In mainstream media, representation of children on the Autism spectrum is limited. It was not until 2015, that one of the first characters on the Autism spectrum, Julia, was introduced on Sesame Street. This was a step in bringing awareness to both parents and children. As of recently, Disney’s Pixar released two short films about children that are on the Autism spectrum called Loop and Float, which are both available to watch on Disney+.
Float was released in November 2019 and is about a father that is struggling to accept his young son’s developmental disability. As a baby, his son is very curious, active and struggles to focus. This causes his father to avoid being in public and he hides in their home. One day, the father attempts to give his child a little freedom. He takes his child to the park, but then his “superpower” of floating begins to happen. This is a metaphor for the child’s Autism Spectrum Disorder and Attention Deficit Disorder. The father again becomes scared of what others will think and pulls the child away from what he is doing. The boy starts to have a tantrum and the father becomes frustrated. In the end, the father learns to accept and embrace his child’s differences, and he allows his son to float! This short film is written by a father that had experienced this and wanted to share his story with the world.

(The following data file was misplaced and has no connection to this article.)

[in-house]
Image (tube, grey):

On the other hand, Loop was released in January 2020 and is about a non-speaking teen girl, Renee, on the Autism spectrum that is at summer camp. Renee is partnered with a neurotypical boy, Marcus, to go on a paddle boat together. Immediately, the boy realizes that Renee is different than his peers because she is avoiding interaction, rocking and not talking to him. Once the boy figures out how to effectively interact with her and make her comfortable, they enjoy their time together.
Situations like the two presented above in the short films are very common experiences for those with Autism Spectrum Disorder, which is the reason that awareness needs to be raised, especially during April’s Autism Awareness Month! If society takes the time to understand that children are different and if society can develop effective ways to work with children with developmental disabilities, then these children can begin to feel more comfortable around others to share their “superpowers!” Next time you are around someone with Autism Spectrum Disorder, take the time to understand them without any judgment and you will realize just how special they are!
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